20. Focal axis resolver for offset reflector antennas

    NASA Technical Reports Server (NTRS)

    Schmidt, R. F.

    1980-01-01

    Described are electrical means for determining the focal axis of an offset reflector antenna whose physical rim is not coincident with the boundary of the electrical aperture. Even and odd sensing functions are employed in the focal region, leading to both amplitude and phase criteria for resolving a focal axis generally inclined with respect to the system axis. The analytical aspects of the problem are discussed, and an example related to a 4-meter Large-Antenna Multiple-Frequency Microwave Radiometer (LAMMR) is included. The technique is useful for focal axis determination in mathematical simulations and in the physical world.

  1. Principles of the prolactin/vasoinhibin axis

    PubMed Central

    Bertsch, Thomas; Bollheimer, Cornelius; Rios-Barrera, Daniel; Pearce, Christy F.; Hüfner, Michael; Martínez de la Escalera, Gonzalo; Clapp, Carmen

    2015-01-01

    The hormonal family of vasoinhibins, which derive from the anterior pituitary hormone prolactin, are known for their inhibiting effects on blood vessel growth, vasopermeability, and vasodilation. As pleiotropic hormones, vasoinhibins act in multiple target organs and tissues. The generation, secretion, and regulation of vasoinhibins are embedded into the organizational principle of an axis, which integrates the hypothalamus, the pituitary, and the target tissue microenvironment. This axis is designated as the prolactin/vasoinhibin axis. Disturbances of the prolactin/vasoinhibin axis are associated with the pathogenesis of retinal and cardiac diseases and with diseases occurring during pregnancy. New phylogenetical, physiological, and clinical implications are discussed. PMID:26310939

  2. Helical axis stellarator with noninterlocking planar coils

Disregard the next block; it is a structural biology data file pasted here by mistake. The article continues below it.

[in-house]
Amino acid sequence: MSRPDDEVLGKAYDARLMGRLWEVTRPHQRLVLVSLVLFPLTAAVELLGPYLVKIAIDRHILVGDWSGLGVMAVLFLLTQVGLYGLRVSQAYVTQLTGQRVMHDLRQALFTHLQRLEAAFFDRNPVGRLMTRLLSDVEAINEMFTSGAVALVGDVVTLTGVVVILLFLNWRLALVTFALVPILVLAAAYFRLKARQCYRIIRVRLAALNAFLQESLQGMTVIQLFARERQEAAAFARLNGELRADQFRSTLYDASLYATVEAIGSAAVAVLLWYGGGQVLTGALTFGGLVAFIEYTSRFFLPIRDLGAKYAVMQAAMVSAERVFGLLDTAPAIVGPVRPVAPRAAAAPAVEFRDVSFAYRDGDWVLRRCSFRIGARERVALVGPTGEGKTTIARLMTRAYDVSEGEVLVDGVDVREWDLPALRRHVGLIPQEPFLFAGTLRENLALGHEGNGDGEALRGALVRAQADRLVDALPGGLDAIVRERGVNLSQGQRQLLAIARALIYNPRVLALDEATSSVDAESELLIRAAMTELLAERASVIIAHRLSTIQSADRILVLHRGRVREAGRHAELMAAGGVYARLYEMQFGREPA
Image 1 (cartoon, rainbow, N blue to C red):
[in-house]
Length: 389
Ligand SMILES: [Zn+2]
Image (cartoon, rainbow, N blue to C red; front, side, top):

DOEpatents

    Reiman, Allan; Boozer, Allen H.

    1987-01-01

    A helical axis stellarator using only noninterlocking planar, non-circular coils, generates magnetic fields having a magnetic well and large rotational transform with resultant large equilibrium beta.

  3. A numerical method of tracing a vortical axis along local topological axis line

    NASA Astrophysics Data System (ADS)

    Nakayama, Katsuyuki; Hasegawa, Hideki

    2016-06-01

    A new numerical method is presented to trace or identify a vortical axis in flow, which is based on Galilean invariant flow topology. We focus on the local flow topology specified by the eigenvalues and eigenvectors of the velocity gradient tensor, and extract the axis component from its flow trajectory. Eigen-vortical-axis line is defined from the eigenvector of the real eigenvalue of the velocity gradient tensor where the tensor has the conjugate complex eigenvalues. This numerical method integrates the eigen-vortical-axis line and traces a vortical axis in terms of the invariant flow topology, which enables to investigate the feature of the topology-based vortical axis.

  4. Angle between principal axis triples

    NASA Astrophysics Data System (ADS)

    Tape, Walter; Tape, Carl

    2012-09-01

    The principal axis angle ξ0, or Kagan angle, is a measure of the difference between the orientations of two seismic moment tensors. It is the smallest angle needed to rotate the principal axes of one moment tensor to the corresponding principal axes of the other. This paper is a conceptual review of the main features of ξ0. We give a concise formula for calculating ξ0, but our main goal is to illustrate the behaviour of ξ0 geometrically. When the first of two moment tensors is fixed, the angle ξ0 between them becomes a function on the unit ball. The level surfaces of ξ0 can then be depicted in the unit ball, and they give insights into ξ0 that are not obvious from calculations alone. We also include a derivation of the known probability density inline image of ξ0. The density inline image is proportional to the area of a certain surface inline image. The easily seen variation of inline image with t then explains the rather peculiar shape of inline image. Because the curve inline image is highly non-uniform, its shape needs to be considered when analysing distributions of empirical ξ0 values. We recall an example of Willemann which shows that ξ0 may not always be the most appropriate measure of separation for moment tensor orientations, and we offer an alternative measure.

  5. Concentrating solar cookers with eccentric axis

    SciTech Connect

    Wang Xiping; Sha Yong Ling; Hou Shugin; Liu Zude

    1992-12-31

    This paper describes the design, development and use of a concentrating solar cooker with eccentric axis in China. For the same power, the older circular parabolic cookers are large in volume and less convenient to operate than the cooker with eccentric axis. Calculations are presented for the design of the cooker and for obtaining an accurate test of its efficiency.

  6. The axis of evil - a polarization perspective

    NASA Astrophysics Data System (ADS)

    Frommert, M.; Enßlin, T. A.

    2010-04-01